The introduction of gpi for the MT 202 financial transfer instruction, the gFIT service, means that FX parties can now monitor both the progress of the payment they sent for the currency they sold, as well as the incoming payment they expect for the currency bought. Whilst this does not take away settlement risk, it makes a major improvement to the monitoring and management of the risk, especially if it were to be combined with bi-lateral netting solutions. gpi is in the process of transforming the correspondent banking payment processes.
Looking forward to the future this basic principle of linking the two payment legs together via gpi could support new PvP based solutions. For example, if a crypto-currency were to become the settlement mechanism for a FX trade it would still require links to accounts to know when both parties have made their payments in order to transfer ownership. Similarly, a solution based on an escrow account arrangement would be able to release funds based upon receipt of gpi confirmation of credits for each payment leg. gpi users could themselves set-up a market infrastructure to offer PvP services based on the updates for each payment leg received from the gpi service. The importance of data and of visibility on assets is clear, and to this end SWIFT shall continue to extend the transaction management and data capabilities of our platform.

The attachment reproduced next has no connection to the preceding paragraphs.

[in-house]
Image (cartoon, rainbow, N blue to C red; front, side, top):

FX settlement risk is an industry critical subject and we hope that this e-Forex supplement has helped to contribute to the debate. Conversations and analysis will certainly continue and SWIFT looks forward to be part of the dialogue. We also look forward to your comments on this supplement.